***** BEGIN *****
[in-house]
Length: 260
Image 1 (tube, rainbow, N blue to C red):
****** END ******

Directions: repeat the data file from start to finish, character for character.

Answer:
[in-house]
Length: 260
Image 1 (tube, rainbow, N blue to C red):